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Sleepy Burrows Wombat Sanctuary

Where wombats dominate and humans accommodate!

Our Mange Project

The Sarcoptic Mite – Wiping out our Wombats

A more hideous death sentence could not be imagined. This parasite burrows into the wombat’s skin, first targeting the softer moist areas such as the ears and eyes, and in a female wombat, the pouch. So yes, if there is a joey, it is also infected. The mites reproduce, tunneling into the wombat's skin, feeding off its blood serum, encasing the wombat in a thick crust of scabs from the animal’s scratching, leading to open wounds which are attractive to flies who lay their eggs in the open wounds. Maggots grow and start eating at the wombat, maggots will enter the wombat’s body through its body openings and start eating at the wombat from the inside. All this will take months. The wombat will start to come out during daylight hours to eat as it is starving to death, with eventual organ failure and death. This is the death sentence inflicted on wombats since white settler occupation of Australia, and the introduction of non-native species such as foxes, who also suffer this parasite. Foxes are also a perfect vector for the sarcoptic mite, foxes will enter wombat burrows, thus spreading the infection into the environment. Wombat to wombat infection also occurs. Wombats will move about from burrow to burrow, further spreading the mites into the environment.

Wombats are losing to mange. Over our 11 years of operation we have received reports of, and seen hugely increasing incidences of, mange in all parts of southern NSW where wombats live (and in the ACT and southern States).

Places reported to us in the past few months alone:
NSW - Bathurst, Bega, Bendeela Recreation Area (managed by Water NSW), Berry, Bowral, Braidwood, Bungendore, Burra, Captains Flat, Cobargo, Collector, Cooma, Coorongooba Campground (Glen Davis,part of Wollemi National Park - NPWS), Cowra, Currawang, Dalton, Goulburn, Gundaroo, Gunning, Hall, Jamberoo, Jaspers Brush, Kangaroo Valley, Lithgow, Majors Creek, Marulan, Mayfair, Moruya, Mudgee, Nerriga, Newcastle, Newnes Campground (part of Wollemi National Park - NPWS), Nowra, Orange, Perisher, Robertson, Tarago, Taralga, Tilba Tilba, Wee Jasper, Windellama, Wingecaribbee, Yass, Young
ACT - Bonython, Murrumbidgee River Corridor, Uriarra
Victoria - Bonnie Doon, Menzies Creek

A Case of Animal Cruelty and Neglect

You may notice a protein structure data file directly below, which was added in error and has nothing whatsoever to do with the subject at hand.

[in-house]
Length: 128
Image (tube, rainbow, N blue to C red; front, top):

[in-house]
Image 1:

The NSW Department of Primary Industries uses the following criterion as one of the definitions of animal cruelty: “Animals which are left untreated following an injury or illness”

Do you think you are lucky with your property bordering a national park in New South Wales? You can be rest assured that you will have no wombats in the next 2 decades, the NSW government is currently ensuring this. Just one example, the Bendeela Recreation Area, has had sightings of manged wombats going back 30 years. Nothing has been done to help these animals.

At present the Australian and State Governments are doing nothing to control or manage mange within wombat populations and are leaving wombats in national park areas to suffer and eventually succumb and die, in full public view. This has to be one of the largest acts of animal neglect and cruelty, in full public view and nothing is being said or done. Sarcoptic mange is going to be the demise of this species in 2 decades we believe. For some unknown reason it has been left unactioned within Australia and reached epidemic proportions years ago. Still no action from the Government. Why?


The current number of wombats dying of mange is not sustainable to the species. The fact that wombats can now be seen suffering from this parasite in public places, tourist sites in full view, sick, dying or in fact dead is beyond belief. It surely has to be one of the largest cases of animal neglect in Australia currently, leading to animal cruelty as the death for a wombat with mange is long, very long with horrific suffering. Why wombats are being left to suffer in full public view is another question.